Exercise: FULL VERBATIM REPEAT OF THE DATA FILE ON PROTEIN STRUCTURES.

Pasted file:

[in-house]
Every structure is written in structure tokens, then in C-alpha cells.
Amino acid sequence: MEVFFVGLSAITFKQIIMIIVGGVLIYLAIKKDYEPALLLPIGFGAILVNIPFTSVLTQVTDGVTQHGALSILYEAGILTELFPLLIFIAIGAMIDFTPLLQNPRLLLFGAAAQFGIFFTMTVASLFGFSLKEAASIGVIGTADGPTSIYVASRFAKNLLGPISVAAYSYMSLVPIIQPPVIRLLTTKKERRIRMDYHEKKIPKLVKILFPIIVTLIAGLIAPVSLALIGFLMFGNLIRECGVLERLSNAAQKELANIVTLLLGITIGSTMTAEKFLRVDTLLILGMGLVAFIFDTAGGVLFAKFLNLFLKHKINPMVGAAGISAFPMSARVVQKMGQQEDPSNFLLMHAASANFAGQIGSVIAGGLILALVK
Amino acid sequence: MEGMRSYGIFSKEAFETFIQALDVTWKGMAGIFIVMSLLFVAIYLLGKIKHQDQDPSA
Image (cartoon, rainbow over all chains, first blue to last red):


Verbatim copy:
[in-house]
Every structure is written in structure tokens, then in C-alpha cells.
Amino acid sequence: MEVFFVGLSAITFKQIIMIIVGGVLIYLAIKKDYEPALLLPIGFGAILVNIPFTSVLTQVTDGVTQHGALSILYEAGILTELFPLLIFIAIGAMIDFTPLLQNPRLLLFGAAAQFGIFFTMTVASLFGFSLKEAASIGVIGTADGPTSIYVASRFAKNLLGPISVAAYSYMSLVPIIQPPVIRLLTTKKERRIRMDYHEKKIPKLVKILFPIIVTLIAGLIAPVSLALIGFLMFGNLIRECGVLERLSNAAQKELANIVTLLLGITIGSTMTAEKFLRVDTLLILGMGLVAFIFDTAGGVLFAKFLNLFLKHKINPMVGAAGISAFPMSARVVQKMGQQEDPSNFLLMHAASANFAGQIGSVIAGGLILALVK
Amino acid sequence: MEGMRSYGIFSKEAFETFIQALDVTWKGMAGIFIVMSLLFVAIYLLGKIKHQDQDPSA
Image (cartoon, rainbow over all chains, first blue to last red):